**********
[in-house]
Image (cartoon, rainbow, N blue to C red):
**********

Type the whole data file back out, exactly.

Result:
[in-house]
Image (cartoon, rainbow, N blue to C red):